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Economists welcome RBI’s monetary move

Economists welcome RBI’s monetary move
PTI
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First Published: Tue, May 03 2011. 04 17 PM IST
Updated: Tue, May 03 2011. 04 17 PM IST
Mumbai: Leading economists have welcomed the measures initiated by the Reserve Bank of India (RBI) on Tuesday in reining soaring inflation saying that the price rise has become a much serious and larger issue.
Describing the annual monetary policy announced by RBI governor D. Subbarao as a progressive one, Ernst & Young India’s Ashvin Parekh said “We have almost reached a point where inflation has become unmanageable and RBI has clearly indicated that bringing down inflation to a comfortable level is its top priority.”
RBI has pegged GDP growth rate for the current fiscal at 8% against the government’s projection of 9% whereas the economy grew by 8.6% in 2010-11.
This is clear from the governor’s call to the government to bring down the subsidies on oil and fertilizers, failing which the apex bank may propose another rate hike in the July policy announcement, he said.
The RBI on Tuesday raised its policy rates of repo and reverse repo by 50 basis points each to 7.25% and 6.25% respectively.
Repo is the rate at which RBI provides credit to banks while reverse repo is the rate at which the banks park money with the apex bank.
The RBI also asked banks to hike the savings bank rate by 50 basis points to 4% so as to provided relief to depositors from inflation.
This is the ninth time since March, 2010, that the RBI has hiked the key rates as part of its efforts to cool down high inflation.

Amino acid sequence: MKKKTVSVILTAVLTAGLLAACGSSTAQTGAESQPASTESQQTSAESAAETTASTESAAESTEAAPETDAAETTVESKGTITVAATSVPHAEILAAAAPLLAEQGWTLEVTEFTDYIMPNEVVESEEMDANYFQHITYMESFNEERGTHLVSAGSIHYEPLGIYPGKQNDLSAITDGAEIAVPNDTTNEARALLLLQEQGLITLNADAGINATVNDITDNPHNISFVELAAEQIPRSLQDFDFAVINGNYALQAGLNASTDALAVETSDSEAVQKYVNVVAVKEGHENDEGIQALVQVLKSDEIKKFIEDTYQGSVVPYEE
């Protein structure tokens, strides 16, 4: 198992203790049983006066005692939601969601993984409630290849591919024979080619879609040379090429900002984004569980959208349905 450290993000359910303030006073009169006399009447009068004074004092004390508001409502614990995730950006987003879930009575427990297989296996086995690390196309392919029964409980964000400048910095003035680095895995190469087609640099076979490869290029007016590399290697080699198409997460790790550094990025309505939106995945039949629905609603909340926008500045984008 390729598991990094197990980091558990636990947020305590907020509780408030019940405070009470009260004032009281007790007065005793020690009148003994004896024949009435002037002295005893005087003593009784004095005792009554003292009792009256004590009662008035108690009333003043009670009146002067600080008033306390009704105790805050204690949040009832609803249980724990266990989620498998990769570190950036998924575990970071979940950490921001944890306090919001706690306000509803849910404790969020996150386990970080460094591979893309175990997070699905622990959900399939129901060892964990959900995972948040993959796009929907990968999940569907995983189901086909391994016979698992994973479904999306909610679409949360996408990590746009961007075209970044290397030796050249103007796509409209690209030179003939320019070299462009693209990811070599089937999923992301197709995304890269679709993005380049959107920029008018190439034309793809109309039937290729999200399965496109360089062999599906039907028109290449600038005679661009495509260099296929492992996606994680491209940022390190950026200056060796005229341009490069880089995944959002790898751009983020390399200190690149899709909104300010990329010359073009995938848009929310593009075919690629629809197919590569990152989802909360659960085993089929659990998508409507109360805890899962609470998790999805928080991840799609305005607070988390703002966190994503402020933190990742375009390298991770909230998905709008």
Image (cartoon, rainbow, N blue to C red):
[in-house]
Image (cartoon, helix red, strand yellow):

Fitch Ratings India’s DK Pant opined that as inflation has been adamantly high all these months, RBI has taken a right step to yank it down by compromising on growth, which is already visible from past many months’ factory output data.
On the impact of the 50 bps hike in savings rate on the cost of funds for banks, Pant said, considering that on an average 30% of a bank’s total funds are in savings and current accounts (Casa), Tuesday’s hike will translate into a 15 bps escalation in the cost of funds for the bank.
Crisil chief economist D. K. Joshi said, “Policy basically reflects that inflation is a much larger problem as RBI’s efforts in controlling it have not had the desired effect. We have come to a stage where managing inflation is more important, even at the cost of sacrificing growth.” But he quickly added that the failure was also partly driven by supply-side inefficiencies.
He further said innovative steps like move to a single policy rate and the new borrowing facility for the banks in the form of the marginal standing facility will help fasten the monetary transmission process by further curbing demand.
Parekh of Ernst & Young India also said that newly introduced marginal standing facility is an innovative step to contain volatility in the call money market. Ideally, the call money rates should move with the repo and reverse repo rates. So is the move to single policy rate as well as increasing the interest rate on savings rate, he added.
On the apex bank’s call to government to cut oil and fertilizer subsidies as a fiscal measure to contain inflation and its probable cascading effect on inflation, Pant said oil price hike will have some impact on inflation but it will be offset if the monetary transmission takes its full effect following the steepest hike RBI effected on Tuesday on its policy rates as it will help contain demand.
The economists have also said that their agencies would soon be revising downward their GDP growth projections.
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First Published: Tue, May 03 2011. 04 17 PM IST